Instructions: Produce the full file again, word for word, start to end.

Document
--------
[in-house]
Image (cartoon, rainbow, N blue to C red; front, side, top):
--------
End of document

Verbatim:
[in-house]
Image (cartoon, rainbow, N blue to C red; front, side, top):